According to political intentions first 15 and one year later another 15 apartments in Stockholm and 25 in Helsingborg were decided to be allocated to the Housing First program. Apartments were distributed to the project in time when they were left by the previous tenant. Due to lack of apartments and problems to match apartments to homeless individuals, the date when tenants moved into their apartments differed and not all of apartments were matched with a homeless person. The matching problems mainly consisted of disabilities that made the persons to require an elevator but in the allocated houses elevators were rare. Another matching problem was when an allocated apartment was situated in an area where the tenant had many homeless friends. In that situation it is easy to let the friends sleep in the apartments that often lead to a distortion to the neighbors. Another problem was that homeless people with a psychiatric problem and/or drug abuse don't show-up on scheduled appointments. This made the homeless persons to be included in the control group on availability basis. This implies that the study was underpowered from the beginning since a calculation showed that at least 40 persons in each group was needed to reach 80% power.

At the end of the project, 24 months after the start, 24 homeless in Stockholm and 14 in Helsingborg had moved into their apartments. Their distribution of gender and age is shown in table 1. These tenants were used as the intervention group (HF) and as a treatment as usual control group (TAU) homeless persons matched on length of homelessness, difficulties of to get housing in treatment as usual, age and gender was used. The TAU was planned to originally consist of 75 eligible homeless people (males and females) who were in contact with the social services in Stockholm at the time. However, some of them were not at available at every assessment.

Table 1: Mean age and standard deviation for the 28 homeless persons included in the study divided on gender, group and assessment. The assessment at baseline and follow-up is made on same individuals. View Table 1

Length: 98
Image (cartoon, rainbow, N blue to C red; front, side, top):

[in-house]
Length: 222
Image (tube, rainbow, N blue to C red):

The intervention group was asked to give their answers to a survey at scheduled meetings with the provider of daily life support [2] from the city mission (Stadsmissionen) and the control group was surveyed at scheduled appointments with the social services. At baseline 13 tenants out of 15, 9 men and 4 women, from the intervention group from Stockholm responded (87%), in addition to 5 male tenants from Helsingborg, and 26 male and 9 females from the control group (response rate = 47%). In table 2 below only subjects that participated in both the baseline measurement and 24 month follow-up is analyzed. This subgroup consisted of 9 men and 1 woman among the intervention group and 15 men and three women among the controls. At the follow-up a response rate is difficult to estimate due to off registration from social service and not only non-response.


A quasi-experimental longitudinal design with a control group was used, which means that only data from clients who participated in both the baseline and the 24 month follow-up were analyzed and reported here. For political and administrative reasons, some individuals moved into their apartments before the baseline assessment. Therefore, the data for the housing situation in table 2 has been taken from a register of these peoples housing before they acquired their apartments.

Data analyses

Data were analyzed using SPSS v. 20.0. The analyses of the differences between Housing First and TAU across time were made by using repeated measures ANOVA, both main effects and interactions time by group was evaluated. Due to the small sample no further dichotomization of the sample was possible. Identical items were used both at baseline and 24 month follow-up making it possible to assess changes over time.

Methods of Measurement

The housing situation

The 'normality' of the housing situation was assessed with a single question: "Where have you spent the night?" The answers were given on a scale developed specifically for this study and builds on the staircase model that is used in Stockholm [55]. The response alternatives were from least normal to most normal: lived roof less, lived in emergency housing, lived with acquaintances, lived at a assigned hotel, lived in low threshold housing, lived in training apartment, lived with second hand contract and lived with an own contract.